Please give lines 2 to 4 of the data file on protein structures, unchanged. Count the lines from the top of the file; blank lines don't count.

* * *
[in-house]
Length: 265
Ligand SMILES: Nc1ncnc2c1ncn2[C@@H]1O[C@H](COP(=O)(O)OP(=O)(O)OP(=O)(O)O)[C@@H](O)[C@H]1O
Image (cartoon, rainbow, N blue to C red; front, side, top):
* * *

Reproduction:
Length: 265
Ligand SMILES: Nc1ncnc2c1ncn2[C@@H]1O[C@H](COP(=O)(O)OP(=O)(O)OP(=O)(O)O)[C@@H](O)[C@H]1O
Image (cartoon, rainbow, N blue to C red; front, side, top):